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Hunter sees victory for clients as SCC enshrines independence

Thursday, February 26, 2015 @ 7:00 PM | By Cristin Schmitz


The Supreme Court has quashed the latest bid to enlist lawyers in Ottawa’s anti-money-laundering regime, ending a 14-year legal battle waged by law societies in the name of defending solicitor-client privilege and the independence of the bar.

On Feb. 13 in Canada A.G. v. Federation of Law Societies of Canada, [2015] S.C.J. No. 7, seven judges ruled unanimously that 2008 federal regulations requiring financial intermediaries to verify clients’ identities and record and retain their information for scrutiny by the Financial Transactions and Reports Analysis Centre of Canada (FINTRAC), as well as statutory provisions from 2000 authorizing the federal agency to search offices and computers and seize information during compliance audits, are unconstitutional as they apply to Canadian lawyers and law firms, including Quebec notaries.

The ruling “confirms the importance of a lawyer’s undivided loyalty to his or her client,” and for the first time elevates that duty of “committed client representation” to a s. 7 Charter-protected principle of fundamental justice, said John Hunter of Vancouver’s Hunter Litigation Chambers, counsel for the FLSC, umbrella group for Canada’s 14 law societies that launched the test case in 2001. The regime attracted the opposition and intervention of other legal groups including Le Barreau du Québec, La Chambre des notaires du Québec, the Criminal Lawyers’ Association, the Advocates’ Society and the Canadian Civil Liberties Association.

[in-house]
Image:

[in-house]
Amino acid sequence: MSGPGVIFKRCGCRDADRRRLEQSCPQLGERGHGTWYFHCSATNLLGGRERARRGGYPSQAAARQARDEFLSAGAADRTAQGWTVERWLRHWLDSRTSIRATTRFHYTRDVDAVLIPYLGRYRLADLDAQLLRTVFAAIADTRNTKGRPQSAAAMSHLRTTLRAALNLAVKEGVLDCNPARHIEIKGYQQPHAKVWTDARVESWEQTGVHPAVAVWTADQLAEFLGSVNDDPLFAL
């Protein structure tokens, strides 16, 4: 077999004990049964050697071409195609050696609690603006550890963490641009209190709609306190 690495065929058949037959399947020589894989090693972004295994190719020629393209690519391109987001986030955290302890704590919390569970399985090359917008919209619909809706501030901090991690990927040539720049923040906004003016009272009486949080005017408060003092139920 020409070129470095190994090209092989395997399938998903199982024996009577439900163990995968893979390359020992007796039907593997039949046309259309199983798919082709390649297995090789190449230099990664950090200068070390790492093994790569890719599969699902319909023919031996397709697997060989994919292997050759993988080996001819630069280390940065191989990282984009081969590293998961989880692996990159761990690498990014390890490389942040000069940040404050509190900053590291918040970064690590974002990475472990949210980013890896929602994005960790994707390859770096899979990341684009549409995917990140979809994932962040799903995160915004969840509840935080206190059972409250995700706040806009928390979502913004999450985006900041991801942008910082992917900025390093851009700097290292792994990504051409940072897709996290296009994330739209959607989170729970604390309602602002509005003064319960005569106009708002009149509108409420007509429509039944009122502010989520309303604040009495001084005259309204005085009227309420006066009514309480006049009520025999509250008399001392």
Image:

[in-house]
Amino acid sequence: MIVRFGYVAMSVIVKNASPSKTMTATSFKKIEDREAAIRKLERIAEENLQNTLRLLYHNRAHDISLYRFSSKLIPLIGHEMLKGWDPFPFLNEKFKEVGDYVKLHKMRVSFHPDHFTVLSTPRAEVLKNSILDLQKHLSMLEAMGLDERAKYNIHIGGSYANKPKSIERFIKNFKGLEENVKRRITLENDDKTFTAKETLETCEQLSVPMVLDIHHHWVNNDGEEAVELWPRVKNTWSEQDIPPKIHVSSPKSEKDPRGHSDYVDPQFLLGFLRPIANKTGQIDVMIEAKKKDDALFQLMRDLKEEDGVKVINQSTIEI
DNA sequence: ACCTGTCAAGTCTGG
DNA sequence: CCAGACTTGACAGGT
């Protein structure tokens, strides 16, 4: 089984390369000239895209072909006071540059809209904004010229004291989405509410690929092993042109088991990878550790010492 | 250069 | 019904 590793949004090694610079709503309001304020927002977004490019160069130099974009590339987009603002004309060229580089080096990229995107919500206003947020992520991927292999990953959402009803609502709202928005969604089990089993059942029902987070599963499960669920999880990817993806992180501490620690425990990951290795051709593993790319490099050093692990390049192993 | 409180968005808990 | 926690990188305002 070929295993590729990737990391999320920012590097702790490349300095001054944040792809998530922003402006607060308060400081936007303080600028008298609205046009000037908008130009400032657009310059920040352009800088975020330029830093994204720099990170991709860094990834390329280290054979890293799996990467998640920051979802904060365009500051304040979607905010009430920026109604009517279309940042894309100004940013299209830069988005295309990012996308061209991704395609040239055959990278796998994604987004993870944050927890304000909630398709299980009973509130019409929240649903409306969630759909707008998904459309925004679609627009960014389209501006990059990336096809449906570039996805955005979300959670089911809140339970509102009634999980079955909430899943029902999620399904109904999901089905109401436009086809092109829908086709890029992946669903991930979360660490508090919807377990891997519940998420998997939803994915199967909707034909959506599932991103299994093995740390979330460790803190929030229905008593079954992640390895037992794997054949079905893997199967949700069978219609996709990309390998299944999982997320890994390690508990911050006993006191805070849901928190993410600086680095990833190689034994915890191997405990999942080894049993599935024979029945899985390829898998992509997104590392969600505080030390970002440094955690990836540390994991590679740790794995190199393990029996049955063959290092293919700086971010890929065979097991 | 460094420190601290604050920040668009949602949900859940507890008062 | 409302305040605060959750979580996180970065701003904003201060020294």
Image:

“The important thing is it is not so much a win for lawyers, as it is for clients,” said Hunter. “The clients are entitled to lawyers’ undivided loyalty and commitment to the client’s cause, and…if government duties put a lawyer in a position of conflict with respect to that duty, then that creates a significant problem for the administration of justice. So the client’s ability to have faith that their lawyer is working just for them has been confirmed.”

The Supreme Court has now “constitutionalized” under the Charter two core elements of the legal profession — solicitor-client privilege and “committed representation” to clients, said Craig Ferris of Vancouver’s Lawson Lundell, counsel for the intervener Canadian Bar Association.

“I can see those being real building blocks for other cases,” he said. “I think those are going to be some core principles that will have long-lasting implications under the Charter.”

In the wake of the constitutional parameters outlined in FLSC, the federal government has little “meaningful ground” to legislate money-laundering controls in respect of lawyers, Ferris said. A more productive route might be “to see if they can convince the law societies to make their anti-money laundering rules a bit more comprehensive.”

The Supreme Court held that the constitutionally deficient legislation requires lawyers to gather and retain considerably more information than the profession thinks necessary for ethical and effective client representation. Coupled with the regime’s inadequate protections for solicitor-client privilege, this undermines what a majority of the judges held to be a lawyer’s constitutionally protected duty of commitment to their client’s cause.

There are “less drastic means” of pursuing the valid objectives of fighting money-laundering and terrorist financing, Justice Thomas Cromwell held, largely affirming B.C. lower-court decisions exempting lawyers from the regime.

The Supreme Court did, however, suggest constitutional compliance is possible with “significant” modifications by government, such as better safeguarding solicitor-client privilege and creating “meaningful derivative use immunity of the required records for the purposes of prosecuting clients.”